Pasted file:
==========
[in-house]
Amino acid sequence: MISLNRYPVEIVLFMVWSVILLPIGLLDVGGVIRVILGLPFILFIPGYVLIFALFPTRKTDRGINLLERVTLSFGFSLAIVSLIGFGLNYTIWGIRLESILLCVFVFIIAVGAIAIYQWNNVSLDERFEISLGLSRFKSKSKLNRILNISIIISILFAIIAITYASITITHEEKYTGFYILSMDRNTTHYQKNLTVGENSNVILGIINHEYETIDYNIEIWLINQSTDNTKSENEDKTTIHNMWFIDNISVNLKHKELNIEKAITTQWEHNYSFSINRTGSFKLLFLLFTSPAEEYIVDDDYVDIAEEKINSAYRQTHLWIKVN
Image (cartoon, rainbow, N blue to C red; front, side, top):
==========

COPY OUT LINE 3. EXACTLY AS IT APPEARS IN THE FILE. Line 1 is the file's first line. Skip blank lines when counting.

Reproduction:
Image (cartoon, rainbow, N blue to C red; front, side, top):